An international research team has found a new type of T-cell that could lead to cell immunotherapies able to treat cancers beyond the reach of current CAR T-cell therapies.
Market-approved CAR T-cell therapies including Yescarta and Kymriah have revolutionized cancer treatment by modifying immune T-cells to hunt down cancer cells. However, these treatments are only approved to treat rare forms of blood cancer.
An international team led by scientists based at Cardiff University, UK, has found a new type of T-cell that could form the basis of a therapy for many types of cancer. According to a study published in Nature Immunology, a cell therapy based on these T-cells doubled the survival time of mice with leukemia, and killed melanoma cells in vitro.
“If this transformative new finding holds up, it will lay the foundation for a ‘universal’ T-cell medicine, mitigating against the tremendous costs associated with the identification, generation, and manufacture of personalized T-cells,” stated Awen Gallimore, Professor at Cardiff University, who was not one of the study authors.
The key advantage of the newly discovered cells lies on proteins called T-cell receptors, or TCRs, which are located on the surface of the cell and are responsible for identifying and killing cancer cells. Unlike regular TCRs, which scan a surface molecule on cells called human leukocyte antigen (HLA), the TCRs of the new cells target a different cell surface protein called MR1. MR1 is found on a wide range of cancer cells, so targeting this protein could treat many types of cancer.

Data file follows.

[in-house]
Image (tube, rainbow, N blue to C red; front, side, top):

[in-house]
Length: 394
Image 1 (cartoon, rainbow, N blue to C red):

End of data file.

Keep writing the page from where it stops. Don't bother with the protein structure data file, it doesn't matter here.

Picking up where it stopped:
Another advantage of the new cell therapy is that it wouldn’t need to be personalized to patients as many current experimental TCR cancer immunotherapies do. This is because many TCR therapies target HLA, whose structure often differs from person to person, whereas MR1’s structure does not.
A key aspect of MR1 is that the protein reveals the metabolic ‘signature’ of the cell that is being scanned by the immune cells. Therefore the researchers believe that their T-cells leave healthy cells expressing MR1 unharmed because the immune cells can ‘smell’ the metabolic signature of cancerous cells.
The researchers now aim to test a therapy in humans for the first time at the end of 2020.
“There are plenty of hurdles to overcome. However, if this test is successful, then I would hope this new treatment could be in use in patients in a few years’ time,” stated Andrew Sewell, Professor at Cardiff University’s School of Medicine, and the lead author of the study.
Images from Shutterstock, NIH Flickr